In the business world, no aspect of the job search process sparks more debate than the venerable cover letter.
The arguments generally go like this: In the world of application tracking software, the bogeyman to job applicants everywhere, no real human being may ever see your application. But, many of those robotic systems require the cover letter field to be completed. Some even argue against including a cover letter at all.
On the other hand, if a job-seeker is applying to a smaller company, or to a job that uses the search committee process, it’s likely that a real human being will review application materials right away.
Higher education (particularly for Faculty searches) fits more closely to the latter example. While it’s possible to encounter an applicant tracking system somewhere along the way, it’s also true that ALL of the materials that a candidate submits will be reviewed - and shared - by numerous people.
Bear in mind that the cover letter should sound like YOU, and gives a brief overview of who you are and why you could do the job. These real-life examples (submitted through ScholarlyHires.com) are NOT appropriate cover letters:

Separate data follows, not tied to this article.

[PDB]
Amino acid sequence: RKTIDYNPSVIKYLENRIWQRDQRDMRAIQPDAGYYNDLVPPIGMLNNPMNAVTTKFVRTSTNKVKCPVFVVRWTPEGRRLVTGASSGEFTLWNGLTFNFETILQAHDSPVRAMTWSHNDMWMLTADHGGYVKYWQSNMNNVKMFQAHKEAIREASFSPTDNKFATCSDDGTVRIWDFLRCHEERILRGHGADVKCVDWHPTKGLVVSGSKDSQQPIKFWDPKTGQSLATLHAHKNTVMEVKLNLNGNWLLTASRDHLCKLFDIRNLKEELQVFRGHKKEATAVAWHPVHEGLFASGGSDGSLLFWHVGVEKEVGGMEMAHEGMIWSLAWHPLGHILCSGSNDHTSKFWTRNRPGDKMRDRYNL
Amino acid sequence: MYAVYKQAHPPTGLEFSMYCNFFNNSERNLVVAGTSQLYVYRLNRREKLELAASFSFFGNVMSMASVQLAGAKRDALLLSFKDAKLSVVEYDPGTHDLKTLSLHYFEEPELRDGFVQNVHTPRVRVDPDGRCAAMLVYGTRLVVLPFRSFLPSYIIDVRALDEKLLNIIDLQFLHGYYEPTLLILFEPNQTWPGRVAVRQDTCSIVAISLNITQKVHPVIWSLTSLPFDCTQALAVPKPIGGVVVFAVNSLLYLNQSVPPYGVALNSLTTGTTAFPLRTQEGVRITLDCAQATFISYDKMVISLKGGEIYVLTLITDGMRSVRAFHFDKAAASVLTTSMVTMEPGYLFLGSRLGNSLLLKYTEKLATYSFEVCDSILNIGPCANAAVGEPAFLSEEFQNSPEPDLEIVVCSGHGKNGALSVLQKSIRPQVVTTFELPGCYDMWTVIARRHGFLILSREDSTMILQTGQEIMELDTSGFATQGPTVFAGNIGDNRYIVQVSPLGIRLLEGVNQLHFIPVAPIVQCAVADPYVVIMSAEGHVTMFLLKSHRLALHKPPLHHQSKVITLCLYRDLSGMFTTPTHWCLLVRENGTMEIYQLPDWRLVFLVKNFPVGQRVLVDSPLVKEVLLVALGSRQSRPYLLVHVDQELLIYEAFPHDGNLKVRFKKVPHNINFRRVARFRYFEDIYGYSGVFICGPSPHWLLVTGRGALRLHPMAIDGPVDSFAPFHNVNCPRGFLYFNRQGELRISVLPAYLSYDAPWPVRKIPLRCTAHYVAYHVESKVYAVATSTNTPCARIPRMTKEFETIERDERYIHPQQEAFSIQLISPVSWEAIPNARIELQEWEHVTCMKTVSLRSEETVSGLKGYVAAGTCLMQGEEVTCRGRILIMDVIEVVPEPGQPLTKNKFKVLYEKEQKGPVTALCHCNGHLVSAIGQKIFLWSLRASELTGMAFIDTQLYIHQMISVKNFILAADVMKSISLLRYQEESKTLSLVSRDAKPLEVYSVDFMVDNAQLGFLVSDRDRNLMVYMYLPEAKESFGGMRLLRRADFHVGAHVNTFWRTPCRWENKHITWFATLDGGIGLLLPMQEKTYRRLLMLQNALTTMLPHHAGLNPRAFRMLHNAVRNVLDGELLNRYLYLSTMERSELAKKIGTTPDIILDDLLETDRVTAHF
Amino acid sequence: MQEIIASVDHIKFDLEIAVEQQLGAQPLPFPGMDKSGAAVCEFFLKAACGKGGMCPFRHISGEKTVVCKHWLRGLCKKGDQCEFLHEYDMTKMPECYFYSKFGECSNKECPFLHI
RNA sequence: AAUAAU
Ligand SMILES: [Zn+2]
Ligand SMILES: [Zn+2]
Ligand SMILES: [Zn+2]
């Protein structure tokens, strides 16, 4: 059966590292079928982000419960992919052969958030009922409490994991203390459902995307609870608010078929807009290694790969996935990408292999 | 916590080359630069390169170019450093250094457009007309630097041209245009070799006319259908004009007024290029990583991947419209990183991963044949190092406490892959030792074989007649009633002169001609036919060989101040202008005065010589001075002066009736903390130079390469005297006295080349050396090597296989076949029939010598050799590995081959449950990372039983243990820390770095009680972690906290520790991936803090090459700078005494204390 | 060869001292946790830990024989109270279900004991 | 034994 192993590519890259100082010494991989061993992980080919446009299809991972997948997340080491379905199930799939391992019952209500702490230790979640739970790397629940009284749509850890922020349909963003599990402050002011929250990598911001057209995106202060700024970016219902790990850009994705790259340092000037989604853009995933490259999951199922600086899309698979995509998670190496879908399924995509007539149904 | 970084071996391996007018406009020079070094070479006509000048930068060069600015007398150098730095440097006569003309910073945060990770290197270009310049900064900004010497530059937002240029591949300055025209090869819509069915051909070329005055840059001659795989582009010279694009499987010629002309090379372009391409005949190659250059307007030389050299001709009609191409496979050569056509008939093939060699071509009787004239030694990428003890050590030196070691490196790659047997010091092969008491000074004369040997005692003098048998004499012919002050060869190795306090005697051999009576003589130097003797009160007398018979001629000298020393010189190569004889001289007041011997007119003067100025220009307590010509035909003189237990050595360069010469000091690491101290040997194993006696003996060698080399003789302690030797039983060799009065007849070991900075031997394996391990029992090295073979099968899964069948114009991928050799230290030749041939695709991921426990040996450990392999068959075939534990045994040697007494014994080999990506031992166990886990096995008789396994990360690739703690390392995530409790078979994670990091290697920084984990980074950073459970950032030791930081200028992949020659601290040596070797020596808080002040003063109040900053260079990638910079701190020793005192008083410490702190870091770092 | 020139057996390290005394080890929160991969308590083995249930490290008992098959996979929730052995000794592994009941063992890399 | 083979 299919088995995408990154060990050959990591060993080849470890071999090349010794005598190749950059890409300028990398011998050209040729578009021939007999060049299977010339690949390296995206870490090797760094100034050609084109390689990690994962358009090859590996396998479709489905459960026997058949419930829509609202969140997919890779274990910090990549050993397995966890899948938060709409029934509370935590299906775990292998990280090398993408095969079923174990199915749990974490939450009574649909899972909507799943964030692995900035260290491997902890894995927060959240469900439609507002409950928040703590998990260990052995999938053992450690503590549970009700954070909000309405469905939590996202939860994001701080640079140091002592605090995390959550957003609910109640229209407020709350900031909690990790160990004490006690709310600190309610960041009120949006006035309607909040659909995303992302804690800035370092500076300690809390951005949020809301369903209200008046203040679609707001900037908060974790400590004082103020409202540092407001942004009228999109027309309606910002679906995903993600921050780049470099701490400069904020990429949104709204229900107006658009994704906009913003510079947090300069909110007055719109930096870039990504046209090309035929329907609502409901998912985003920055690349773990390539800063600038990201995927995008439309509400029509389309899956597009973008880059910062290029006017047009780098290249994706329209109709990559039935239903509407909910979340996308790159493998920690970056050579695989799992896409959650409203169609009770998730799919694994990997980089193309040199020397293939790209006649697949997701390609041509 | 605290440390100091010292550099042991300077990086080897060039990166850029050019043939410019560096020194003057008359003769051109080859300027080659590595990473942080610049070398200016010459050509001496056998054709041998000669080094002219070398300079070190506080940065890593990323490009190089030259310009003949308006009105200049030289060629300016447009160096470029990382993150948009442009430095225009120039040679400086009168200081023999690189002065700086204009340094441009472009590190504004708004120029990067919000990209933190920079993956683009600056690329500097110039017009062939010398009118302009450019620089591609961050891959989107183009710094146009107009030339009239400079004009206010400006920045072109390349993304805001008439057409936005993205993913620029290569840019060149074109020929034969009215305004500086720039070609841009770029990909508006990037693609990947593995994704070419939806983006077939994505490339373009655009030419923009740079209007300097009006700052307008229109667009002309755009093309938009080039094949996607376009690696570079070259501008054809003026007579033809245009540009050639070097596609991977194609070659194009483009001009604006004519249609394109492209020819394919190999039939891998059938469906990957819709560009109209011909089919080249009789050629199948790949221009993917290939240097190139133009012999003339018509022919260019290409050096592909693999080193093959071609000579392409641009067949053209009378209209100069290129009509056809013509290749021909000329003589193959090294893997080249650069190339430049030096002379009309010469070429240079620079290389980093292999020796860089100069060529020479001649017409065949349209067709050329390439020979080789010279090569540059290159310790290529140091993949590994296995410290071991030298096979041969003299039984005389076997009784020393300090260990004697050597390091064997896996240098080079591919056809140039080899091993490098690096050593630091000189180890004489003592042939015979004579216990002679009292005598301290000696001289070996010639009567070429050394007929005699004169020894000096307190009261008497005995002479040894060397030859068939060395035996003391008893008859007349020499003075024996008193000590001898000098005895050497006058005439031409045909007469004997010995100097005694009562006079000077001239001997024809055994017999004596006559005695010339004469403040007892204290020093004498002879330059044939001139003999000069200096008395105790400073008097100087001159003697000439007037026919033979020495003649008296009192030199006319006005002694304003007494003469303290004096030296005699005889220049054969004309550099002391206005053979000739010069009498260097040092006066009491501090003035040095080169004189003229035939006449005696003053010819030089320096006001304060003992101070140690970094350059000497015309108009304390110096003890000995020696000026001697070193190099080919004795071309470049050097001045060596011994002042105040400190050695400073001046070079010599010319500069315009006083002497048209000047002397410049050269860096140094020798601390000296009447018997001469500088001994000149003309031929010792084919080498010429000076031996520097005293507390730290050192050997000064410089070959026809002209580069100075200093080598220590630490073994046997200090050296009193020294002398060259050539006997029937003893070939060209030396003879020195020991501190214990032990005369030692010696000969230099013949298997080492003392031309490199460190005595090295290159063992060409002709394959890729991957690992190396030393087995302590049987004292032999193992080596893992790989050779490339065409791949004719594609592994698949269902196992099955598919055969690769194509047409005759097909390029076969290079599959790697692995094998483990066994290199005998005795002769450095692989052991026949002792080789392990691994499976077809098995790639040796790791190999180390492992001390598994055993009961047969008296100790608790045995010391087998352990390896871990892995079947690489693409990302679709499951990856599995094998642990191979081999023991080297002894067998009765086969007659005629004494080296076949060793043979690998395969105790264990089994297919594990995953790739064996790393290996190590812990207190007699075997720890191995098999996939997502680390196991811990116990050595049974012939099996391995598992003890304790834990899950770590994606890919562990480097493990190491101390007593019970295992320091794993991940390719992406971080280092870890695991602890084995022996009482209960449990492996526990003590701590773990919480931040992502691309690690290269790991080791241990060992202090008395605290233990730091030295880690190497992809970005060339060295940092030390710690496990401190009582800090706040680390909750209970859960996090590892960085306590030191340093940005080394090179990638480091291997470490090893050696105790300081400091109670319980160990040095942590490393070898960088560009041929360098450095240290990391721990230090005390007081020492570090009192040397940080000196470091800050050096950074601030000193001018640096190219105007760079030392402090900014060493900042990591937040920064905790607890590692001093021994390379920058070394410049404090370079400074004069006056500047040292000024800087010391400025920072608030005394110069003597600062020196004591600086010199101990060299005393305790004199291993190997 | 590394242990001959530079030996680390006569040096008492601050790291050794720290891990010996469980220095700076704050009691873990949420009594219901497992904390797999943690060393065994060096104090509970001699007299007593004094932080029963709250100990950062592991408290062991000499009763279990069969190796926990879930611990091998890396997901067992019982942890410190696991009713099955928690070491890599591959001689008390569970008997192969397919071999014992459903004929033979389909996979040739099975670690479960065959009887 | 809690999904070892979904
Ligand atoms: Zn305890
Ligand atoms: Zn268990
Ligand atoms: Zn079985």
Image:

Please accept all documents as an interested candidate with your university
Innovative Finance Professional who possesses a keen insight into identifying and leveraging company strengths and opportunities while proactively identifying areas of opportunity through proven financial and data analysis techniques.
In the place of you personally describing your qualifications and that elusive quality of “fit”, a cover letter is you. Here are a few general rules to make a cover letter sing your praises when you can’t:
1) Keep it brief - it should be clear, but no longer than a page (yet, not the first example)
2) Tie everything together - it should not repeat verbatim the information in your vitae, it should tell your story
3) Speak in a human voice - you are a real person talking to other real people
4) Reference the title of the position - communicate that you know what the role is
5) Scrupulously proofread - errors at the very least reflect badly on you, and at the worst can get you tossed out of the search.
Kimberley Sirk is a North Carolina-based writer and editor with government, higher education and big-brand healthcare public relations and marketing experience.
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